Philly.com contrasts the celebration from Temple's football victory this past weekend with the emotions of the teams that were cut by the school in 2013.

Wednesday, September 2, 2015

Are fines further evidence of student athletes as employees?

The recent revelations that Virginia Tech and Cincinnati considered reducing cost of attendance stipends for violations of team or department rules has brought significant media discussion that "fines" are further evidence student athletes are essentially employees.

Ultimate Sports Insider has previously described  the amateur vs. professional debate as a distraction from a more important topic - the education of student athletes.

"Stipend" is the commonly used term  regarding the additional monies student athletes receive.  A stipend is defined as "a fixed and regular payment such as a salary for services rendered or an allowance."  Those who describe student athletes as employees will focus on "services rendered."  Those who view athletics as part of an educational experience will likely consider these payments similar to an "allowance."

Consider the analogy of a parent who provides an allowance to their children. There are many reasons to provide an allowance (stipend): to learn the value of money, to make personal spending decisions, to learn about saving, and/or as payment for work around the house (e.g. mowing the lawn) are some obvious examples.  All of these reasons have educational value and teach different lessons.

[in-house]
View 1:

Withholding allowance is a common form of discipline (among many options such as grounding, no television, taking away a cell phone, etc.).  If you use allowance as payment for services, failure to do your work means you don't receive your payment, yet no one would suggest that the child is an employee if a parent made such a decision.  Other families might never withhold allowance, or only consider doing so if they believed it was the most appropriate or effective way to improve behavior.